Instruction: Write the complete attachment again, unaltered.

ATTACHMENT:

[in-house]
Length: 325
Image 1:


[in-house]
Length: 325
Image 1: